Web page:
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A Projected 3D Image as a Topographic Guide for Fat Transfer to the Face
Jillian E. Schreiber, BA1, Carrie Stern, MD2, Evan Garfein, MD2, Katie E. Weichman, MD2, Oren Tepper, MD2.
1Albert Einstein College of Medicine, Bronx, NY, USA, 2Montefiore Medical Center, Bronx, NY, USA.

Autologous fat transfer is a widely accepted method of facial soft-tissue augmentation for cosmetic and reconstructive purposes. Nonetheless, the planning and execution of fat transfer remains largely subjective. With the availability of 3D surface scanning, virtual surgical planning for soft-tissue augmentation is now a reality. We describe the first soft tissue virtual plan for fat transfer to the face using the novel concept of topography. The created topographic map is transferred to the patient for intra-operative guidance with the use of projection, thereby creating a 3D hologram.
Patients undergoing AFT for facial asymmetry had 3D pre-operative surface scanning (Canfield Vectra H1). A mid-sagittal plane was used to bisect the 3D scan into two distinct hemi-faces. The reference hemiface was reflected onto the side of the defect and a color map was generated outlining the volumetric difference between surfaces (Figure 1). Tracings were made at 2mm projection intervals. The maps were uploaded onto a smart phone (iPhone) and projected using a hand-held, smart phone compatible LED Pocket Projector (axaa Technologies, USA). Colored marking pens assigned to specific projection values were used to trace the map on the patients pre-operatively (Figure 2). Fat was injected according to the region and degree of deficiency as topographically indicated.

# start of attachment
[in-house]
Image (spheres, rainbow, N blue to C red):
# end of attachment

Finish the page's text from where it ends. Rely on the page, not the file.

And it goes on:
To our knowledge, this paper offers the first report of soft-tissue virtual surgical planning. This is a novel concept of pre-operative markings using 3D surface scanning and analysis, rather than surgeon judgment alone. Using 3D surface scanning and symmetry analysis with hemi-composites, we successfully demonstrated generation a topographic map of soft-tissue deficiency and transferred this virtual plan to the operating room for guidance during AFT. The virtual plan was easily projected onto the skin-surface, which guided the precise location and degree of soft-tissue augmentation needed to achieve symmetric results.
Topographic maps are a simplified translation of the complex three-dimensional facial contour. They provide an easy-to-follow guide tailored to the patient's unique volume needs which are often not appreciated on standard 2D photographs. Virtual surgical planning continues to be recognized as a superior method facial skeleton reconstruction, however, it has yet to be incorporated into soft tissue procedures. 3D surface scanning allows for objective analysis of the facial contour that will continue to open the door for soft tissue surgical planning. The value of this technology and its applications in plastic surgery has yet to be explored.
Figure 1. Defining the facial topography using 3D hemi-composites and color mapping of volume deficiency.
Figure 2. Projected 3D hologram to skin surface for surgical guidance.

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